Filler style


Premier Member
IBA Member
I'll never ever fit a key locking flush mount filler cap again. Top quality unit that it was it robbed usable fuel space out of any and all tanks if its not mounted in some sort of short neck Say 50mm long. . And it leaked up through the lock barrel. ( if you want to strap a swag on top of the tank then you.ll understand some load problems) hence short necks for the caps. Lockable flush caps are much larger diameter and need to be considered in a tank design. Like how it fits with the bike on the side stand and what fuel volume your not going to get . And then the screws. Tapped holes or nuts and washers. gaskets both sides? etc
Just think of how much space the stock cap on a main tank takes up. Needing a key to access the things sucks too.

I've dropped my ST at speed onto the right side on a very uneven surface and didn't rip the filler neck off. Dropped it another time into a low brick fence and the tank neck took all the weight of the bike. No dramas.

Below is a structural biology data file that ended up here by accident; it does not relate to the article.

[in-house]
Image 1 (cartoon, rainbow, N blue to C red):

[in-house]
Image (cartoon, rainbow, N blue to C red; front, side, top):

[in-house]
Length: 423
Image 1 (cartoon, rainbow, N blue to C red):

Maybe because my tanks are rubber cushion block mounted at 4 or 6 points depending on the bike.
I bend my filler necks as one part not cut and welded. And I keep the design so the neck is well within the side profile. All that helps.
Oh and a filler neck gives you some notice of almost full with a bit of wriggle room before the fuel is splashing out of the tank.

Ive used Jaz tanks in the past but these days Li like a tank designed for that particular bike. But I'll never use a flush mount cap ever again.
This is not going to break loose:

The tank is really nice - good workmanship, but YES, it will break! The welds will hold because the metal is thicker. The sheet aluminum will tear. Think about it. A 600lb bike falling against an 8" inch tube, acting as a lever, will rip the tank or split the tube. If the bike is moving at any speed, the force and torque applied will be in tons instead of pounds. I think the calculation is something like the force of impact increases with the square of the increase in speed. A lot depends on whether the filler tube is hit square or with a glancing blow.
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In the kind of impact you describe, all bets are off.

My point was that the filler neck isn't a particular vulnerability ... The 1/8th" aluminum is tougher, and less likely to break than the skinny steel of the OEM tank.